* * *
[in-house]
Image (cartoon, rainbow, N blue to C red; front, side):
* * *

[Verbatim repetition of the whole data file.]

[in-house]
Image (cartoon, rainbow, N blue to C red; front, side):